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Shariah-compliant funds

Luxembourg’s traditional strengths and the financial centre’s growing expertise in Islamic finance make the country an ideal location for the domiciliation or the administration of Shariah-compliant investment vehicles.

Luxembourg has a long history in Islamic finance. It first appeared in the Grand-Duchy in 1978 with the arrival of the first Islamic finance institution to set up in a western country. Five years later, the first Shariah-compliant insurance company in Europe was established in Luxembourg and, in 2002, Luxembourg was the first European stock exchange to list a sukuk.

Islamic Finance has the full support of the Luxembourg authorities and financial establishment. In April 2008, the Minister of Finance set up a task force bringing together key parties in Islamic finance. Its mission: to look at how Islamic Finance can be further developed in Luxembourg. The Central Bank of Luxembourg became a member of the IFSB (Islamic Financial Services Board) in 2009. This makes the Central Bank of Luxembourg the first Central Bank of the European Union to become a member. Most leading financial institutions, law firms and audit companies have specialized teams in Islamic Finance. The IFBL offers a training program in Islamic Finance. In 2008, ALFI launched a working group focusing on the development of Luxembourg as a centre of excellence for Shariah compliant funds.

Luxembourg in the top 5 Islamic Funds domiciles worldwide

Luxembourg is rapidly becoming a hub for Shariah-compliant investment funds, with promoters keen to harness the country’s strengths and expertise in cross-border fund distribution. The figures speak for themselves: Ernst & Young’s Islamic Funds & Investments Report ranks Luxembourg fifth as a domicile for Shariah-compliant investment funds.

Well adapted fund structures

Luxembourg offers a variety of attractive fund structures for Shariah-compliant investment vehicles. The majority of funds domiciled in Luxembourg are UCITS funds. These funds are allowed to market their shares freely in all member states of the European Union and are increasingly accepted in many non-European countries. This is especially the case in Asia, Latin America and increasingly in the Middle East. For example, more than 600 Luxembourg funds are registered in Bahrain. This makes Luxembourg the ideal location for the domiciliation of Shariah-compliant funds intended for international distribution to retail or institutional investors.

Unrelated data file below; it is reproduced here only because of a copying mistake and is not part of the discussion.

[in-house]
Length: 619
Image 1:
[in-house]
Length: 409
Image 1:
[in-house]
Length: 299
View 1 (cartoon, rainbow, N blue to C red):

In addition, more flexible structures such as the Specialised Investment Fund (SIF), which allows a wide variety of different investment strategies, can be used for Shariah-compliant private equity, property or other alternative investment schemes mainly aimed at institutional or high net worth investors. SIFs used either for Shariah compliant funds or for conventional funds, have proven to be highly successful with Middle Eastern investors.

The SICAR is a venture capital investment vehicle. The specificities of the SICAR makes it well suited for Islamic finance investments in and through Luxembourg. 

Tax and regulatory framework

On 12 January 2010, the Luxembourg tax authorities issued a circular which describes both the major principles of Islamic finance and their tax treatment. In June 2010, a circular from the indirect tax authority clarified treatment of murabaha and ijara contracts.

A note published in May 2011 by the CSSF concluded that no specific legislation was required for Shariah-compliant investment funds, since Luxembourg’s current law contains no obstacles to it. The CSSF also noted that the role of the Shariah Board would have to be described in each fund’s prospectus.

ALFI collection of best practices

ALFI's collection of best practices published in December 2012, provides in-depth information and guidance on the legal framework, the fund set-up process, administration, custody and depository bank services for Islamic funds in Luxembourg. It also gives a high level indication of whether Islamic finance instruments are compatible with Luxembourg UCITS laws and should enable service providers who are already active in this field to align themselves with greater consistency and provide guidance to new entrants as to all the areas that need to be considered.

Updated on 18/10/16  
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